The Civil War was still raging in September 1863 when the first horse-drawn trolley cars rolled down the streets of Worcester. By 1900, a system of light rail connected not only the neighborhoods within the city, but communities across Massachusetts and into neighboring states.
At its height in 1916, the Worcester Consolidated Street Railway Co. was the largest in the state with 429 cars, more than 300 miles of track and 72.7 million fares.
The first electric trolley cars were introduced to Worcester in 1891. The streetcars were a big improvement and service expanded rapidly. The system was a mishmash of different trolley and railroad companies that formed a transportation network across Massachusetts and into neighboring states.
Today we think of transit as a government responsibility, but in the 19th and early 20th centuries rail was run by for-profit corporations. In the beginning, many of the companies were small and some were even created to run a single line.
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The Boston & Worcester Street Railway operated 32 miles of track, from 1903 to 1930, between Shrewsbury and Brookline. On either end, passengers would transfer to another company’s trolleys to take them to their final destination. In a time before highways connected both cities, it took about 2 hours and 20 minutes to travel from City Hall in Boston to City Hall in Worcester.
The Worcester Consolidated Street Railway was the city’s largest. In 1906, it was purchased by Cornelius Vanderbilt’s New Haven railway and over the years combined with other surface railways in Springfield and Boston. Its network included urban lines that ran throughout the city, as well as a network that connected Worcester to other county cities and towns such as Fitchburg. The company built a steam-powered electrical plant in 1911 on Providence Road in Millbury to power its system.
Financial woes began to batter Worcester Consolidated by the mid 1920s. In the first nine months of 1926, the company lost $200,000. Most of the unprofitable lines were discontinued and county service was reduced to Webster, Southbridge, Fitchburg, Grafton and Woonsocket, R.I. In one case, the rails were even removed and sold to build a railroad in Egypt.
The Worcester Telegram estimated in 1926 that the trolley system needed $1.6 million (equivalent of $21.7 million today) for new cars, track improvements and a new maintenance facility at Grove Street. Worcester Consolidated issued bonds to undertake the project.
The Grove Street facility is the same one currently being used—and soon to be replaced—by the Worcester Regional Transit Authority for bus maintenance.
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Complaints of slow service and poor equipment continued to mount. In response, Worcester Consolidated contracted for 100 new cars in 1927 to be built by Worcester’s Osgood Bradley Car Co. and Springfield’s Wason Manufacturing Co., which had become the nation’s largest builder of railroad cars and locomotives. The new cars were state of the art and included high-tech features such as automatically opening rear doors.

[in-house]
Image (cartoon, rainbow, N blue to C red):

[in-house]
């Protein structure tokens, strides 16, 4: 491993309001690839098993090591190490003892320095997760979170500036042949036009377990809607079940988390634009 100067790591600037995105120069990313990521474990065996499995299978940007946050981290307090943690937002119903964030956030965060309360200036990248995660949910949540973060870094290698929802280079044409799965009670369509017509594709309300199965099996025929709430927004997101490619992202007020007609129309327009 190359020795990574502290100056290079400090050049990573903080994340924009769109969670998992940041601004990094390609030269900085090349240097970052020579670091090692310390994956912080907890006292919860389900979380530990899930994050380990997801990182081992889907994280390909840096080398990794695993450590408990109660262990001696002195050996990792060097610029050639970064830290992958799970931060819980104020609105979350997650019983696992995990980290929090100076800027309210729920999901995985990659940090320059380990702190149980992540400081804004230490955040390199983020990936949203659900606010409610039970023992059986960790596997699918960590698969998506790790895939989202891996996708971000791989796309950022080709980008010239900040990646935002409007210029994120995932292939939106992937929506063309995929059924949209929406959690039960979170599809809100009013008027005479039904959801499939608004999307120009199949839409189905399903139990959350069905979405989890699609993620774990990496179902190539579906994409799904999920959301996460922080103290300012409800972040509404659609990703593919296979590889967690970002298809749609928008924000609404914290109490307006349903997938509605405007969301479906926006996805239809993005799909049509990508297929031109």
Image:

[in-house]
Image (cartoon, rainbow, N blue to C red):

News reports gleefully noted the new streetcars greatly increased efficiency and leap-frogged Worcester over the Boston Elevated Rail Co. Unfortunately, these changes seemed to have done little to stem the loss of ridership. By the late 1920s, Worcester Consolidated was put up for sale by the New Haven Railroad. There were no takers, however, and the company went into receivership in 1930 after it defaulted on $4.8 million in bonds.
In the end, economic realities undid the trolley system in Worcester. Over time, the company added bus routes to take over lines with high overhead and low ridership. In 1942, it announced it would end all remaining trolley service over the next three years. On Dec. 31, 1945, the final trolley left Leicester at 1:36 a.m. for downtown.
The driver, Leopaul Snyder, made the front page of the Telegram and is remembered as the last trolley driver in Worcester. Shortly after it ended service, the company sold many of its streetcars to Brazil for use in Rio de Janeiro.
Over the years, trolleys and trains have captured the imagination of millions. There are several museums dedicated to trolley preservation and one of the most popular attractions at Lowell National Historical Park is the restored trolley that runs between the park visitors center and Boarding House Park.
With its name choice of Worcester Railers, the city’s new hockey team seeks to reclaim a portion of that legacy. Even the Osgood Bradley building is being preserved and transformed into housing units for about 250 college students.
Knowing what we know now about urban planning and transportation, one cannot help but wonder what the city would be like if trolley service had survived.
Would it be similar to the MBTA’s Green Line in Boston, or more like the historical trolleys in Lowell or Memphis, Tennessee, and of course San Francisco? At the end of the day, bus service turned out to be the more economical choice for Worcester, but unfortunately it lacks the romance and identity of riding the rails.
This article was originally published in the July 3, 2016 edition of the Sun.
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